Friday, September 8, 2017

RWA (Romance Writers of America) Should you Join? #Opinion by @KarynGerrard #RWA

This is my own opinion and I am not speaking as a member of the RWA or for the RWA as a whole.

A quick history, The RWA (Romance Writers of America) was formed in 1980, back in the days when gatekeepers stood at the doors of publishing, ready to skewer anyone they did not deem worthy of being traditionally published.

This is vital to remember, because this belief is still the linchpin of the RWA, at least in the minds of many romance writers, whether they are 'old school' members who loathe to open the door just a teeny bit to allow fresh air in, or the marginalized authors of colour and sexual orientation and disability (or a mixture therein) who feel the RWA is nothing but an exclusive country club, or a mean girl clique straight out of high school who boost each other's signals, but no one else's.These beliefs are so ingrained, I am not sure how the RWA can breach the wide divide.

An aside: I am a PAN member of the RWA. I joined in 2015, when I started to see positive changes. I am Canadian, so I am all for including everyone. Here's the thing, I didn't even know there was a PAN forum. The website is hard to navigate and information hard to find. (RWA says they will be working on that.) The main reason I joined is its around the time I decided to take my writing more seriously. Since then, I now have an agent and contracts from Kensington. Did the RWA help me to achieve my goal? Not directly. But being a member showed the publishing industry I was serious about my craft and eager to learn more. At least that is my belief.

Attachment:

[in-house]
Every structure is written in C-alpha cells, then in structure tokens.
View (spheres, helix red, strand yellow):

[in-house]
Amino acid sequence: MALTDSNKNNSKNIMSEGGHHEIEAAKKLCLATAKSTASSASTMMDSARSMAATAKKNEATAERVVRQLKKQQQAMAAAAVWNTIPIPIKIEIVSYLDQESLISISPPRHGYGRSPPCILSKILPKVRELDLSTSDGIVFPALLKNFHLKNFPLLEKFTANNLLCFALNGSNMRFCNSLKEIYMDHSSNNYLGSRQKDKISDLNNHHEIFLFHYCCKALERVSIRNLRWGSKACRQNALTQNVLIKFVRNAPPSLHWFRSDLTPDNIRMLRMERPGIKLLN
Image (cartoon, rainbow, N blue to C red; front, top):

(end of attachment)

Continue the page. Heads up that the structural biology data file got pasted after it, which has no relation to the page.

I searched 'RWA' on Twitter recently, and found many authors say they had joined, but didn't feel welcome, (either at the chapter level or in general) because of what genre they wrote, what heat level, or how much money they earned (or didn't earn), or how they were published. And more disturbingly, because of the colour of their skin and/or sexual orientation. Many left after the first year of membership. Many are bitter about their experience. To me, this is a real problem. Let's face it, the RWA has been slow to adapt to the rapidly changing publishing landscape. It had stayed the same for so many years, no doubt many older members/authors can't or won't keep up with the changing times.

But that is no excuse for some authors wishing to remain an 'exclusive country club.' Yes, the RWA is an organization, and they have the right to set up their own rules and bylaws. Just like a romance author has the choice to join or not.
Frankly, I am appalled at the elitist, exclusionary air I have seen from certain romance authors. Hell, we are all in this together. The pie is growing smaller with each passing year. We should be supporting each other.

But until the RWA makes serious changes, and reaches out to those romance authors who feel—and are—excluded, they will NOT grow and prosper. My suggestions? Make a serious PR push on social media to show how all are welcome at the table. How about more articles in the RWR magazine focused on those who feel marginalized? Give them a voice. Same with workshops. Be more open to allow ALL to volunteer. More on-line chapters and workshops, please!

Here's the thing—and it gives me hope—there are plenty of members of the RWA who are eager to throw open the door and allow fresh air and sunshine in. Especially members of the RWA board.

Keep an open mind about the future of the RWA. It's far from perfect. But changes are being made and will continue to be made. Give it another look, and if you are so inclined, another chance. The more voices who speak out, the quicker change will come about.

Karyn Gerrard

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